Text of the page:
"I'm not used to being scared of anything, but this scared the hell out of me," Considine told ABC News.

Considine said he didn't get the COVID-19 vaccine because he had experienced adverse reactions to other vaccines, but despite his ordeal, he does not think he will choose to be vaccinated, believing that he has developed some antibodies, at this point.

However, said Duggan, "we're seeing people who are recovering now very regretful that they didn't get the vaccination in the first place."

Many of the patients coming to the hospital are already quite ill when they arrive, said Wein.

"Unfortunately, we're seeing people who are coming in days, or several days, into their disease and sicker, with difficulty breathing, needing to be admitted to the hospital. So it feels more like that winter surge that we had," Wein said, adding that a number of these patients end up on ventilators.

"This is heartbreaking because all this could have been avoided, this is unnecessary human suffering that we are witnessing right now," Dr. Seetha Lakshmi, the medical director of the Global Emerging Diseases Institute at Tampa General Hospital, told ABC News.

Several front-line workers at Tampa General Hospital expressed to ABC News their deep concern and fear about the next several weeks for their teams, given the state's and the hospital's exponential increase in infections and virus-related hospitalizations, stressing that their message to Americans is that vaccinations are key to controlling the pandemic and ending the suffering.

The difference in getting vaccinated, or not getting vaccinated is ultimately akin to "the difference between having a cold and dying," said Wein. "If a vaccinated patient gets this, they're most likely going to be just fine, and not going to end up in the hospital. Unfortunately, the unvaccinated person has a really high likelihood that he will end up hospitalized on a ventilator."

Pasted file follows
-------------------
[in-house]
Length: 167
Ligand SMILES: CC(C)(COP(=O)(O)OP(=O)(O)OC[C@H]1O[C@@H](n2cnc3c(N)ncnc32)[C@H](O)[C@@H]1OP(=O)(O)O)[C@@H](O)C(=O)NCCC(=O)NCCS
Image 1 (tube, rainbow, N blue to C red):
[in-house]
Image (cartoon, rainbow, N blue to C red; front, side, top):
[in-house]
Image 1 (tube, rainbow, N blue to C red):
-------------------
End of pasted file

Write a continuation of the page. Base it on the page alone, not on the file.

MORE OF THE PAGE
Copyright © 2021, ABC Audio. All rights reserved.

0
comments



xavierarnau/iStock

(NEW YORK) -- A flurry of new scientific findings is prompting renewed concern among doctors about the long-term cognitive impacts of COVID-19 in some patients.

Several new studies presented at the Alzheimer's Association International Conference, being held this week in Denver, have found that many COVID-19 patients experience "brain fog" and other cognitive impairments months after recovery. This adds to a growing body of research on COVID-19's apparent long-haul symptoms, which can include confusion, forgetfulness and other worrying signs of memory loss.

"This research features the first data from an international consortium, which includes the Alzheimer's Association, investigating the long-term consequences of COVID-19 on the brain," Heather Snyder, the vice president of medical and scientific relations for the Alzheimer's Association said in prepared remarks.

Not enough time has passed for researchers to know if these worrying symptoms eventually clear up. However, they're pointing to these studies as renewed evidence that everyone -- especially older people who are already vulnerable to cognitive decline -- should get vaccinated.

"While we work together to further understand the lasting impacts of COVID-19 on the brain, the take home message is simple: don't get COVID-19. And the best way to do that is by getting vaccinated," Maria Carrillo, chief science officer for the Alzheimer's Association, said in prepared remarks.

Researchers at the University of Texas Health Science Center studied the cognition and olfactory senses of 300 older adult Amerindians from Argentina who contracted COVID and found that 50% had persistent problems with forgetfulness and 25% had additional problems with language and executive dysfunction.

"A large portion of our patients in the COVID Recovery Program exhibit cognitive signs and symptoms long after the inflammatory phase of COVID has passed. We typically see many patients with naso-pharyngeal predominant illness come back to us with more neurocognitive deficits," Dr. Thomas Gut, director of the Post-COVID Recovery Center at Staten Island University Hospital, told ABC News. Gut was not involved in any of the studies presented at the conference.

Researchers at the New York University Grossman School of Medicine studied blood samples of 310 patients admitted to NYU Langone Health with COVID for the presence of biomarkers that would indicate brain inflammation and damage. High levels of certain biomarkers were strongly associated with inflammation in the brain. Damage to the blood-brain barrier caused by inflammation can result in the brain's inability to send messages from the brain to other parts of the body.